Literary fantasy and the paranormal obviously fascinate thousands of readers. I’m one of them. Fantasy literature allows both the writer and the reader to let imaginations take flight. Two of my recent books—one a YA novel and the other a more mainstream adult novel—feature central characters with different types of special magic.
Veronica, the main protagonist in Veronica and the Cave of the Wind, came about after looking at wizardry from Merlin to Happy Potter and wondering why the most powerful magician always seems to be a boy or an old man. Thus Veronica was born—a red haired young girl whose magical powers grow to the point that she is able to defeat the intergalactic wizard, Bra’thid, in Veronica and the New World.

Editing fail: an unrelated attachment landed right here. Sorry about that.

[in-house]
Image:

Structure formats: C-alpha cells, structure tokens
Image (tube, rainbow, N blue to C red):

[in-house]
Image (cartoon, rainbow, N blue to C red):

In The Naked Zombie, Roger Danforth wields no wand nor throws lightning bolts from his fingertips, yet he has his own particular type of magic. When he is shot or cut, he doesn’t bleed. He has extraordinary strength and he never ages. Created as a zombie when his soul (or astral self) takes leave of his body never to return, Roger is able to become a billionaire over two centuries of investment. He uses his wealth and power to fight those zombies who are driven by the same evil impulses they had as normal human beings.
Lately I have become intrigued by the more humanistic renditions of ghosts, vampires, werewolves, and succubae in ScyFy Channel’s shows Being Human and The Lost Girl. Like Danforth (aka Basil Evans) in The Naked Zombie, these characters all have a deep longing to be human with all the joy and heartache that come with everyday living. These characters demonstrate the frustration of being unable to feel real human emotion.
Perhaps these mystical creatures serve to make us all appreciate more our lives as mortals while we vicariously experience powers and abilities that are beyond the reach of ordinary human beings.
Visit me at